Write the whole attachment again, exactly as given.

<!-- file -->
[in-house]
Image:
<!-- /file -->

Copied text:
[in-house]
Image: